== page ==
Monday, 17 May 2010

Class II div 2 Deep Bite, Where is the Limit

Patient is 46 years old with a severe Skeletal class II div 2, with extremelly retroclined incisors as you can see from the above pictures.

With patients like this a question arises as to where is the limit is biomechanic and biologically wise. The aim in this case is to intrude and torque those four front teeth with the minimum overjet-proclination possible, unlocking the bite and giving room to the patient to protrude her dorsally forced mandible to a more relaxed position.

The mechanics that would be the most consistent to the movement needed would be a controlled tiping movement with center of rotation close to the tip of the crowns, moving-retracting the roots back while keeping the crowns, thus correcting the torque of the four incisors. To apply that force system one would have to consolidate the four front teeth and with long power arms higher than the center of resistance of the complex apply the force palatally, to a TPA (transpalatal bar)

In this case a quadhelix was used to expand on the sides, gaining space from the transverse expansion to retract later the front, diminishing the overjet, and a CuNiTi (0.016) with a 17x25 TMA overlay arch as you can see on the following picture:

In 5 months the situation in the mouth is the following, with some spaces created due to not figure-eight legating the segment (which was figurated at that point).

Up to this point, no bite raising was used, and the vertical overlap, even though the incisors inclination was corrected, it was reduced. Removable bite plateau was given to the patient and start of Class II elastics.
Before and after is  shown on those two pictures:

and intra-oral on that phase (with two vector mechanics to intrude slight and tip back the four front closing the space between laterals and canines):

The mandible unlocked and came forward, in this case however there is always a risk of dual bite on those patients: In that case, 
1)you can accept the dual bite if patient is not bothered, 
2)you can extract 2 premolars on the upper and finish distal, if the face allows it, 
3)you can refer to surgery,BSSO and mandibular advancement, 
4)you can reconstruct prosthetically the occlusion to the protruded position.

In this case none was needed as the mandible came forward.
  • The question however of the limits in those severely retro-clined incisor cases remains un-answered
There are cases that even with the correct mechanics applied, the incisors inclination cannot be corrected or as it is said clinically "they are not coming".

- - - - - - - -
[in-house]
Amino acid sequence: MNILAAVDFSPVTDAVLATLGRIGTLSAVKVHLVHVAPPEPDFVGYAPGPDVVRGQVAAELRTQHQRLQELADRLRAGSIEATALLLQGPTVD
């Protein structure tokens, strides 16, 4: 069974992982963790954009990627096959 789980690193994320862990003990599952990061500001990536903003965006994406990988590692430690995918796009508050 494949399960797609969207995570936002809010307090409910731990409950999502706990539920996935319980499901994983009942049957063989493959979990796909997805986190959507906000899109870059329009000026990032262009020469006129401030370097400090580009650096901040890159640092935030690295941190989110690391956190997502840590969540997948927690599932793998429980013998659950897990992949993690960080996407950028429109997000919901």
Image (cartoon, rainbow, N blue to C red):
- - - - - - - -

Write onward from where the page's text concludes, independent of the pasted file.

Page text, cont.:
The only thing that could perhaps give an idea to the clinician as to where the limit is of his patient, would be:
1)the palatal cortical bone and the distance from the roots, as to how much the teeth can be retracted, and
2)the distance of the apexes to the floor of the nasal cavity, as to how much they can be intruded.

The optimal way to measure the above is the lateral cephalogram of the patient.

This is another case with sever Class II div 2, that the result although correct mechanics were applied is not optimal, the incisors could not be retracted and intruded more, and in this case 2 premolar extraction might have been an option. These are initial and final pictures after orthodontic and prosthetics:

You can see that this is a compromise both on the vertical as the bite is still deep and on the torque as the front is still steep.

If you take a closer look on the initial cephalograms of the first case and this last one:

successful case


You can clearly observe that the nasal floor on the lower X-Ray is much closer to the appex of the root of the four incisors, giving less room for intrusion in this case, when compared with the anteriorly inclined maxilla and the room for intrusion on the first X-Ray.
  • This observation might give the clinician in those difficult cases, an extra "tip"towards what treatment protocol to follow.
This is of course in no way scientifically based as there are no studies in the literature for the matter, as it is this is simply a case report, with some clinical observations, and can only be taken as such.

p.s. Case is in treatment at the OR Department of the Aarhus dental school, by Dimitris Galaktopoulos, DDS, under the supervision of prof. Dr odont, B. Melsen.

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